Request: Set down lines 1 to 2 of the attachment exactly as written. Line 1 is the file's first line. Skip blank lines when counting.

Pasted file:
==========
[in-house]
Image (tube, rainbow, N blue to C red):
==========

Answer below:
[in-house]
Image (tube, rainbow, N blue to C red):